Sunday, October 2, 2011


We could call it a "kettle," if they were hawks--a pretty good description of a flock where the individuals seems to boil from the top to the bottom over and over again. In that sense, I watched a kettle of Common Nighthawks over the dog park on September 20. I estimated at least 60 in the flock, but it could easily have been twice that. The kettle gradually moved west, the birds whirling and flashing like flakes in a snow globe. The birds never dropped as low as the tree tops, while below, a flock of migrating Green Darner dragonflies roiled in their own version of a kettle, 6 to 15 feet above ground. The Crossley ID Guide (Richard Crossley, 2011) mentions that they are often found along wooded streams, and the dog park is within sight of the Meramec River.

Nighthawks are not even close to being hawks, but they hunt on the wing, that is, they "hawk" for insects, and are most active in twilight. My dad used to call them "bullbats." If you use the word "bull" to mean "large or strong," they certainly would be large, strong bats, if they were bats. He told me they liked to hang around the lights at the ballpark and sometimes along the street. I used to see them in those places too as a kid, but I see fewer and fewer of them now flying erratically over towns. The Sibley Guide to Bird Life and Behavior, by David Sibley (2001), notes that Common Nighthawk populations have declined throughout their breeding range (p. 352). The breeding range covers most of the Canada and the US (excluding south and central California, Alaska, and areas near or north of the arctic circle), and the western portion of Mexico (excluding Baja California). Factors contributing to the decline include the use of insecticides, and the loss of open areas that they need for hunting and mating displays (Sibley).

Nighthawks don't build nests, laying their eggs on the ground in open, rocky areas. They have adapted to using flat roofs covered with gravel, but as these become less common and roofs insulated with smooth PVC coatings become the norm, nighthawks have lost an important resource. In her book 101 Ways to Help Birds, Laura Erickson (2006) discusses ways to accommodate nighthawk nesting sites (p. 169) by providing pads with gravel in shaded areas of flat roofs.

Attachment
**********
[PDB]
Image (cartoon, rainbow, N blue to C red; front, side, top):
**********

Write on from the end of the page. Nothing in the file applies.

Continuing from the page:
Besides their beautiful, haphazard flight, male nighthawks have an intriguing display. I heard it "in the wild" only once. I was sitting on the front stoop of a shop, enjoying a traditional St. Louis treat, a "concrete," when I heard it. Nighthawks had been flying overheard, calling with nasal, off-key notes, "beans...beans..." when I heard a sound that shouldn't have come from a bird. Greg Budney, audio curator of the Macaulay Library at Cornell, describes it as similar to "a truck roaring by, that suddenly disappears." Somewhere along the city street, a male nighthawk dove between the buidlings, creating that roar as wind passed through the long flight feathers. Perhaps he planned his display to take advantage of the echoes in the urban "canyon."

At the end of the recording below, you hear this mechanical sound. If you have 2 minutes, check out the video from Cornell's Lab of Ornithology which I embedded below it. Thanks to Bill Bouton for his great photo of a Common Nighthawk above, taken in northern California, and to Don Jones who recorded the species in New Jersey, and the Cornell Lab, all of whom licensed their work with Creative Commons.

You might also like:
Crossley ID Guide   
Macaulay Library of Animal Sounds
Mysterious Sounds of the Night


  1. Thanks so much for this post! I grew up watching nighthawks each night in suburban Chicago, as our house was across the street from what is now a forest preserve. I remember seeing a nighthawk sitting (nesting?) on top of my neighbor's chimney one year, but can't remember if it was for more than a day or not.

    I didn't know that their numbers were dwindling. Sad.

  2. Hi Alan, I'm finally getting around to replying to your comment. The nighthawk could have been nesting on the roof, but they do like to roost on posts, branches, and probably chimneys. They're such an interesting and beneficial species.

  3. You take such nice shots! That first picture looks so majestic, its such a good angle to show off its power. I was wondering what kind of binoculars you use for watching? Or do you just rely on your camera? I've been checking out the selection from The Sportsman's Guide's optics section on their binoculars page. I wanted to know if you had any recommendations as far as maybe a better dealer, or a brand you have come to trust, and what I should expect to spend on a solid pair. Thanks in advance and keep up the good work =)

  4. What a nice majestic though fine bird! Wonderful. I didn't know this bird before, thanks for the information Anne! I wish you a great Sunday!